“I didn’t have any particular gift in my twenties. I didn’t have any exceptional qualities. It was the persistence and great love of my craft which finally became a discipline, which finally made me a craftsman and a writer.
The only reason I finally was able to say exactly what I felt was because, like a pianist practicing, I wrote every day. There was no more than that.” — Anaïs Nin
“Is it better to be extremely ambitious, or rather modest? Probably the latter is safer; but I hate safety, and would rather fail gloriously than dingily succeed.” — Vita Sackville-West, in a 1928 letter to Virginia Woolf
“And the day came when the risk to remain tight in a bud was more painful than the risk it took to blossom.” — Anaïs Nin, author of The Diary of Anaïs Nin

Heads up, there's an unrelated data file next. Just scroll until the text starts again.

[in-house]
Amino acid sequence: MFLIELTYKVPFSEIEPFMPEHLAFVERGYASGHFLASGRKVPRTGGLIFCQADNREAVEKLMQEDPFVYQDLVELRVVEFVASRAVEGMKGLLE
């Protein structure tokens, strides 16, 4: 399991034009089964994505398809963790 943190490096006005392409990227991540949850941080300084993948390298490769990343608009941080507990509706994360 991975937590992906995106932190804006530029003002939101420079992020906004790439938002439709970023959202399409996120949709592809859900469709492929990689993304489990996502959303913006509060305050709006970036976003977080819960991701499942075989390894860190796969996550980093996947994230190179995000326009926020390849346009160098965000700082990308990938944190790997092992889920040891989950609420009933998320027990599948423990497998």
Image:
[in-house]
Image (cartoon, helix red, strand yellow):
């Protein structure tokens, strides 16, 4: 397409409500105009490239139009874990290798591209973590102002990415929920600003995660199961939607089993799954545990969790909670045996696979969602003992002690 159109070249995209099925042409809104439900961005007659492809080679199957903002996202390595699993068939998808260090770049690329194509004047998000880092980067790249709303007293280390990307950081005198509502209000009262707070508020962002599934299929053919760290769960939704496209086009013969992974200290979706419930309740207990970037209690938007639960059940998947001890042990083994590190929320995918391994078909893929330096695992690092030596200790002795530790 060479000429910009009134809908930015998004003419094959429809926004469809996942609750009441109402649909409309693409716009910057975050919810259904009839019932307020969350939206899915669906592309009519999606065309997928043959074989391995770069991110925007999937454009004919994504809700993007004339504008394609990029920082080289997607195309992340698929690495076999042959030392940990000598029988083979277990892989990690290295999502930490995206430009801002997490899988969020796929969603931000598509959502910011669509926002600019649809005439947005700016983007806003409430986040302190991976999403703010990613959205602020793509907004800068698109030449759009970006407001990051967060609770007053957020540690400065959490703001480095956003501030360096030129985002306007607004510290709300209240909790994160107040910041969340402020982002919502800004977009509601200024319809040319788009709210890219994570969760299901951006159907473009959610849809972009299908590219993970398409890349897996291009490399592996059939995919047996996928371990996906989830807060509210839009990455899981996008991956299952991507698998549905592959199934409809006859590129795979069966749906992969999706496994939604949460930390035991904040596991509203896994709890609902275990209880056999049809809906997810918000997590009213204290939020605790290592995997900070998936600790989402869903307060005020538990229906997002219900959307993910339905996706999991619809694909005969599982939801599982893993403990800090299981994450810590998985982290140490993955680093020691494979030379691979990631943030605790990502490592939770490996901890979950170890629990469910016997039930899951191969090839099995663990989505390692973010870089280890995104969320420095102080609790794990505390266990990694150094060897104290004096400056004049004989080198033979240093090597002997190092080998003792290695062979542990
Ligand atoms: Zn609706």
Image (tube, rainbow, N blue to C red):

“I am more than ever intent upon following a literary career … I have a purpose in view, a task before me, and if I ma use the word, a passion. For the profession of writing is nothing else but a violent, indestructible passion. When once it enters people’s heads, it never leaves them.” — George Sand, from a letter, 1831